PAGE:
Chapter 8. Forms, Form Events, and Validation

In JavaScript, you access forms through the Document Object Model (DOM) via the document object using a couple of different approaches. The first approach is to use the forms property on the document object. Forms are just one of the many page elements that are collected in arrays and are attached to the document. Where the form appears in the forms array is dependent on where the form appears in the page, minus 1, as arrays in JavaScript are zero-based. If the page has two forms, you would access the first using the zero (0) index:

var theForm = document.forms[0];

The problem with accessing the form using the array index is that if you change the page—if you add or remove a form—your JavaScript no longer works because the array access is positionally dependent. A better approach is to give the form an identifier, and then to access it using the document’s getElementById method:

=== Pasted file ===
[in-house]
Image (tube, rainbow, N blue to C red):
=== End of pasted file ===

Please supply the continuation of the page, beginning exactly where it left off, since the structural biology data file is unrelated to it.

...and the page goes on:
<form id="someform" ...>
var theForm = document.getElementById("someform");

I used document.getElementById in a couple of examples in Chapter 7, and I’ll use it again in this chapter. I’ll cover the method in more depth in Chapter 9; for now, all you need to know is that the method provides access to a web page element given the element’s identifier. In the preceding code snippet, the method returns access to the form element identified by "someform".

Also, as discussed in Chapter 7, you can intercept a form before submitting it to the server in three ways: you ...

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